Getting time to go for a walk, breathe some air, look at the sky.  Try to appreciate the present.

Time For You can be going to Yoga or going down the pub to see a friend.    It might be laying on the floor in a dark room.

Whatever it is, build that into every day, week and month.

If you do not allow yourself to do exactly what you enjoy doing, you can burn out.  Burn out is bad.  Burn out can block your ability to be in the creative Zone.

Burn out to an artist is the same as writer’s block to a journalist or kryptonite to Superman.  It is something you must take time and effort to avoid, by giving yourself space.

Eyes On The Prize

For some, the prize is simply money.  For some, it’s about nourishing the ego.   For some its about the act of creating irrespective of sales or adulation.  Whatever it is that blows your skirt up, remember it, focus on it and achieve it.

Eyes on the prize means don’t get bogged down with distraction, procrastination of those things stand in the way of the prize.

Creating Capacity

One of my oldest friends makes tables and chairs.  His tables and chairs perform in the same way that any other tables and chairs do, but his tables and chairs are beautiful.  His showroom was by the sea and as people walked on the beach they would wander into his workshop and buy his tables and chairs.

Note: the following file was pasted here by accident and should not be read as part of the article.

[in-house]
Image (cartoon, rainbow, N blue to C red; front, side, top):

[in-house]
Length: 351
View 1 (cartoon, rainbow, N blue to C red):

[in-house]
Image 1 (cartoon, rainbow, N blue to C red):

Time went on and he got himself a reputation.  More people wandered in.  It was not long before he was taking orders in September but having to say, delivery would be after Christmas.

He took staff to help him make more tables and chairs, but it seemed like whatever he did the lead time was more than 20 weeks.  Ridiculous.

So, he doubled his price.

The amazing thing is that he sells more tables and chairs now than he ever did.  The market has changed a little, but the number of people who want his tables and chairs for double the price they were in the same size market as before.

You can try making a different size piece of work that is normally expected, bigger.  You could try a bigger price tag too.

Raising The Game

Taking your art business to the next level means just that.

Strategize where your work could be seen where it is not at the moment.

  • What do you need to do to get your work there?
  • Who do you need to speak to or meet?

As soon as you have the answers to those questions, implement that new plan. Always push the envelope as far as it will go!